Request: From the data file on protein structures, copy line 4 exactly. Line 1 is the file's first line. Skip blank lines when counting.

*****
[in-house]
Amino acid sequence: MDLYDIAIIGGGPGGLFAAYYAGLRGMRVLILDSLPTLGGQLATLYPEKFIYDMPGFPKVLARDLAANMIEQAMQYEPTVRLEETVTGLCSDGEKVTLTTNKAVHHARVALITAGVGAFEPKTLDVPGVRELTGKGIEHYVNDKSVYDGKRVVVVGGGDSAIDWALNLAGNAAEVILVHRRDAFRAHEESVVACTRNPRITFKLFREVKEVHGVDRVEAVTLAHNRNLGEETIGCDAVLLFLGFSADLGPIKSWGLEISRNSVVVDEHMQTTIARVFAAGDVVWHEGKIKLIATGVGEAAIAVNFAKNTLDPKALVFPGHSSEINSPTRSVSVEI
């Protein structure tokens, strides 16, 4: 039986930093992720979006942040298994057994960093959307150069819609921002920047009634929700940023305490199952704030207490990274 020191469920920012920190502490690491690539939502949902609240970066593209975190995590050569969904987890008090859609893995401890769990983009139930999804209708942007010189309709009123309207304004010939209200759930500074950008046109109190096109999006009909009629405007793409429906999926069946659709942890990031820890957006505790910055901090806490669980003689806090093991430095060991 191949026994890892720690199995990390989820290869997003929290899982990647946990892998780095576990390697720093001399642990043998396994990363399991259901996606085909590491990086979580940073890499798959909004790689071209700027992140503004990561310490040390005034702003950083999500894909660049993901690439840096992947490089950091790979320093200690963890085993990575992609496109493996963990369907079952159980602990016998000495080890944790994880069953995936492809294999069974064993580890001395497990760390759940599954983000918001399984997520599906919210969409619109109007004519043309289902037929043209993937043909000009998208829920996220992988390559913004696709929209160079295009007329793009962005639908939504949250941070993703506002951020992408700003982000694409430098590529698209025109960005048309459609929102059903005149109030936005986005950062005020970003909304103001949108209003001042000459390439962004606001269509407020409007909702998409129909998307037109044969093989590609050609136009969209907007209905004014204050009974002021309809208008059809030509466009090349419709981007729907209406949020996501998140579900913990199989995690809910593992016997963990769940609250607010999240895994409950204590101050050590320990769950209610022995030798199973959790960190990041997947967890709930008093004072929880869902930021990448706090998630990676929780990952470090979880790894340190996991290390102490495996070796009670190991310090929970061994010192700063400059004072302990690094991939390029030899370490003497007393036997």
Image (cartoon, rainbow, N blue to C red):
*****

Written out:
Image (cartoon, rainbow, N blue to C red):